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** The effects of lurking variables can change and even reverse
relationship between two variables
(row 1 total) &times; (column 3 total)
(190)(633)
=
= 14.19
(table total)
8474
Observed
Moderate
110
4621
STA 1020
Anger Score
People who get angry easLow Moderate High
ily tend to have more heart
disease.
. . . 8474 peoSample size
3110
4731
633
ple . . . coronary heart disease
CHD count
53
110
27
(CHD)
CHD percent 1.7%
2.3%
4.3%
.. . . . . . . . . . . . . . . . . . . . . . . . . . . . . . . . . . . . . . . . . . . . . . . . . . . . . . . . . . . . . . . . . . . . . . . . . . . . .
Ex6 . . . heart disease? (cont)
Find the expected cell count, e.g., of high-anger people with CHD is
(expected count)
JLM (WSU)
Ch24 - Two-way Tables and the Chi-Square Test
Thus, the chi-square statistic has (3 − 1)(2 − 1) = 2 degree of freedom.
P
From the
we found χ2 = 10.5, so we look in the Table 24.1 for df = 2
to find the critical value 9.21 required for significance at the α = 0.01
level, and 13.82 for α = 0.001.
Ch24 - Two-way Tables and the Chi-Square Test
r = (number of rows),
c = (number of columns)
Ex5 Using chi-square test
Back to Ex3, the two-way table has 3 treatment and 2 outcomes, i.e., it
has r = 3 rows and c = 2 columns.
JLM (WSU)
** There
P are r &times; c terms in
the , where
Ex7: Discrimination in admissions? Go back to Ex1. Suspect women
discrimination. From the two-way table we found
(percentage male applicants admitted) = 35/80 = 0.44, i.e., 44%
(percentage female applicants admitted) = 20/60 = 0.33, i.e., 33%
High
14.19
618.81
In its defense, the University produces a three-way table
** It is safe to apply the chi-square test since all expected cell counts are greater
than 5, so
χ
2
=
=
(53 − 68.73)2
(110 − 106.08)2
(4621 − 4624.92)2
(606 − 618.81)2
+
+ &middot;&middot;&middot; +
+
=
68.73
106.08
4624.92
618.81
4.014 + 0.145 + &middot; &middot; &middot; + 0.003 + 0.264 = 16.083
** For df = 2 in Table 24.1 the χ2 = 16.083 is larger than the critical value 13.82
for α = 0.001. We have highly significant evidence (P &lt; 0.001) that anger and
heart disease are related. Statistical software can give the actual P-value of P = 0.0003.
JLM (WSU)
STA 1020
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Deny
Total
Engineering
Male Female
30
10
30
10
60
20
English
Male Female
5
10
15
30
20
40
Combined
Male Female
35
20
45
40
80
60
50%
25%
44%
JLM (WSU)
100%
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25%
33%
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** STA 1020 - Part 3 (08/Dec/13) **
Ch24 - Two-way Tables and the Chi-Square Test
Ch24 - Two-way Tables and the Chi-Square Test
** Simpson’s paradox: An association or comparison that holds for all of
several groups can disappear or even reverse direction when the data are
combined to form a single group.
This is just an extreme form of the fact that observed associations can be
misleading when there are lurking variables . . .
** Summary:
Make a two-way table to display the relationship between two
categorical variables
Exercise Ch24
24.5 Smoking by students and their families. How are the smoking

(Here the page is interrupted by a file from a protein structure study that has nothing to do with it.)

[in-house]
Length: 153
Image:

habits of students related to the smoking habits of their close family
members? Here is a two-way table from a survey of male students in six
secondary schools in Malaysia:
Student
At least one close family member smokes
No close family member smokes
smokes
115
25
does not smoke
207
75
Write a brief answer to the question posed, including a comparison of
selected percentages.
Conclude by using the P-value (critical) of the chi-square statistic
*Read Ex9: Discrimination in mortgage lending?
*Case Study Evaluated
Chi-square Table and Tables 21.1 &amp; 24.1
JLM (WSU)
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Ch24 - Two-way Tables and the Chi-Square Test
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JLM (WSU)
The table below shows the percent of male students who smoke within
each status of family member smoking status.
At least one close family member smokes
No close family member smokes
STA 1020
Ch24 - Two-way Tables and the Chi-Square Test
115/322 = 35.7%
25/100 = 25%
In our sample, male students with at least one close family member who
smokes are more likely to smoke than are male students with no close
family member who smokes.
110 / 112
Multiple choice Ch24
Which of these is an example of Simpson’s paradox? (a) Teachers’ salaries and
sales of alcoholic beverages have risen together over time, but paying teachers
more does not cause higher alcohol sales. (b) Alaska Air has a lower percent of
late flights than America West at every airport, but America West has a lower
percent when we combine all airports. (c) The percent of surgery patients given
Anesthetic A who die is higher than the percent for Anesthetic B, but this is
because A is used in more serious surgeries. (d) States in which a smaller percent
of students take the SAT exam have higher median scores on the SAT.
.. . . . . . . . . . . . . . . . . . . . . . . . . . . . . . . . . . . . . . . . . . . . . . . . . . . . . . . . . . . . . . . . . . . . . . . . . . . . .
If surgical procedure A has a higher success rate than surgical procedure B in
every hospital where they are used and yet procedure B has a higher overall
success rate, then we suspect that: (a) this is an example of Simpson’s paradox.
(b) it must be easier to achieve success at some hospitals than at others,
whatever procedure is used. (c) procedure B must be used predominantly in
hospitals where it is easier to achieve success, while procedure A must be used
predominantly where it is harder to achieve success. (d) All of (a), (b), and (c)
are true.